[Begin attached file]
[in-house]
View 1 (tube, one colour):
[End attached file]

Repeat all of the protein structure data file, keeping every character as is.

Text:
[in-house]
View 1 (tube, one colour):